“I am not Chinese, and I live in the US, so why would I celebrate the Chinese New Year?” This question was recently posed to me by a friend who told me she had been asked this by others but didn’t have the answer. I hope this blog post will help the reader understand why it makes sense to do so…even if you’re not Chinese and you live in the US or any country other than China.
The Chinese use a Lunisolar Calendar which is a combination of two calendars: The Lunar Calendar, which syncs with the moon phases, and the Solar Calendar, which accurately tracks the longitude of the Sun. Both calendars are fluid as to when the New Year begins. They don’t use them exclusively, but concomitantly, so the resulting lunisolar calendar is both accurate and in sync with the life force energy of the earth’s two influential planets. The Lunisolar Calendar shares similarities with the Jewish Calendar.
The Lunar Calendar is calculated according to the 12 orbits of the moon around the earth, with the New Year calculated on the New Moon after the Winter Solstice closest to the Spring Equinox. However, since the complete lunar cycle per month is only 29.5 days, there is a deficit of approximately 11 days per year, so in order to get back into sync with the Solar Calendar, approximately every 3 years an extra lunar month is added. The Solar Year generally begins on Feb 3, 4, or 5. This year, the Lunar year begins on 5 February and the Solar year begins on 4 February. It’s considered very auspicious to have these consecutive celebrations, as it brings the energy of both calendars together. So, celebrate both!
There are several recognized calendars in the world, but the universally adopted “civic calendar” is the Gregorian calendar, even where cultural or religious calendars are observed. Both the Julian Calendar (46 BCE, Roman Empire) and the Gregorian Calendar (1582, Pope Gregory XIII) were flawed in their calculations but the Gregorian Calendar adjusted by adding an extra day every 4 years…which, interestingly, over time gains time resulting in the calendar moving ahead of the earth’s solar orbit. The Gregorian Calendar, unlike other calendars, was not shaped to follow the seasons. It was shaped around Christian observances and changed Western Civilization. The convention of choosing 1 January as the beginning of the year was arbitrary, however. It didn’t coincide with how calendars had been devised from the beginning of time, which were centered on the passage of time and the observable cycles of the natural world.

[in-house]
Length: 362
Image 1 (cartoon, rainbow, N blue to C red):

Culturally the 1st of January has a weight, but it has more to do with numerology and cultural conventions. In term of real shift of energies, astronomical events of the lunar and solar cycles are more logical. Simply put, to be in flow with the Universe, your intents and actions must be in synch with the natural flow. We all have the ability as co-creators to affect our lives, but we are also part of something greater. By adapting to the universal flow, you will be supported by the life force of the Universe.
Celebrating the Chinese New Year, even if you are from another culture, makes sense because it is astrologically more accurate and logical. The Chinese adhere to the theory of cyclical time. This theory was observed, tested, and recorded over time and they found specific sets of data could be observed in a cycle. Thus, the Chinese calendar is not numbered infinitely. Instead, each year is assigned a set of markers and characteristics which repeat every 60 years. This complex matrix of time is used in all aspects of Chinese life, including date selection for life events. When one compares the overall character of two years that are 60 years apart, it’s uncanny…and obvious that the Chinese were brilliant! The I Ching (aka Book of Changes) supports this cyclical theory and while it is used as a divination tool, is also the basis of the Chinese Healing Arts, including Feng Shui.
2019 YEAR OF THE YIN EARTH PIG
Of the 12 Chinese animals, the Pig ruling sign of 2019 is the 12th. This year is a Yin Earth Pig, to be exact. This year holds Yin Earth Element, that is akin to a fertile soil; and the Pig, a Water sign that also contains Wood. This is an interesting combination of elements that could result in a quagmire, but the ruling Xuan Kong Earth Energy and Prevailing Earth Cycle provide the stability of Mountain Energy. It’s very stable, very “yin” (feminine, peaceful) but also has some potential for stubbornness or immovability.
In the Chinese culture, Pig is a symbol of happiness and abundance. It’s the most congenial of all the zodiac animals. Everyone loves the Pig! If you haven’t already noticed a shift of the emerging energy of the Yin Earth Pig, this will be very noticeable between the 3rd and 6th of February when it’s most powerful.
So, it doesn’t matter if you are Chinese or not…celebrating the Chinese New Year will give you a greater opportunity to manifest the life you want in 2019, year of the Yin Earth Pig. Happy New Year!
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